- At the end of it all, are they more mature or am I simply left with a lot of used equipment for which I paid a lot of money and that I will either sell at a garage sale or donate to Goodwill?
The same is true concerning the use of our own time and the time and effort we put into hobbies or other earthly distractions. Am I spending a lot of time focusing on the lesser things of life?
The Lesser Things/Let Someone Else Do That
- “Everyone who competes in the games exercises self-control in all things. They then do it to receive a perishable wreath, but we an imperishable” (1 Corinthians 9:25).
- “For the Gentiles eagerly seek all these things; for your heavenly Father knows that you need all these things” (Matthew 6:32).
- Let us remember Abraham and other examples of faithfulness in the past. Abraham as well as others were looking for something better (Hebrews 11:10,16). Earthly goals could not hold their attention.
The world has always been filled with people who are willing to put a lot of time, money and effort into achieving a very temporary goal. And a question that should surface in my mind is, “Am I currently focusing a lot of my energy on a perishable wreath?” If a goal is a perishable wreath then at least I need to acknowledge that. “What did you do with your time this afternoon Mark?” “Well I invested the entire afternoon in a perishable wreath”.
Am I Willing To Invest?
Long-term thinking is a problem in our country:
- 1 in 3 Americans have no savings for retirement and study after study seems to confirm that most Americans are not prepared for that eventual stage in their life. In 2010 seventy-five percent of those nearing retirement age had less than 30,000 in their retirement accounts.
- 60 percent of Americans have no will or estate planning in place.
- In like manner, studies also reveal that most Americans are unprepared for a natural disaster and unprepared when they go off hiking into the woods.
- As Christians, we already know that most people, Americans or otherwise are not prepared for death or the arrival of Jesus (Matthew 7:13-14).
When it comes to matters of the soul, my own spiritual growth or the growth of my children, am I willing to put serious time and effort into that category? Or, in other words:
- How much of an investment would I be willing to put into becoming a song-leader? Would I be willing to travel and incur the expenses of a training course?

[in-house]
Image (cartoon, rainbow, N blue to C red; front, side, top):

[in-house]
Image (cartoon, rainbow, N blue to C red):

- If I am a young man or young woman would I be willing to travel and spend a couple of weeks in an intensive training course for my age group or gender that would result in knowing the Bible better and or becoming a stronger Christian?
- How much time and effort am I willing to put into improving either my marriage or my parenting skills, compared to the time, effort and money that I might be putting into things that have no long term gain?
The Body of Christ Needs You
In a number of passages the point is made that the church is a body in which each member plays a vital role for the growth and health of the entire body (Ephesians 4:16). What this means is:
- The body needs older and experienced members who stay involved and are willing to share their wisdom (Titus 2:3-5).
- The body needs couples who are happily married, rather than distracted and disillusioned.
- The body needs fathers and mothers who are leading their children in the ways of God, and who are not overwhelmed.
- The body needs singles who are dedicated to using their singleness to serve God.
- The body needs responsible, involved, knowledgeable and cheerful young people who are seeking to share the gospel with their friends.
- The body needs respectful children who give their parents first-time obedience.
At the end of the day, is God getting my best at this stage of my life? Or, more to the point, when was the last time that God got my best? Is a lot of my current time and energy being spent on the lesser things? This year, let my goal be to focus, read, watch, listen to, spend my time and energy on the things that are excellent.
Mark Dunagan | firstname.lastname@example.org
Beaverton Church of Christ | 503-644-9017